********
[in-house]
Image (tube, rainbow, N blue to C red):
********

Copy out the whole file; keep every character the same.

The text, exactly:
[in-house]
Image (tube, rainbow, N blue to C red):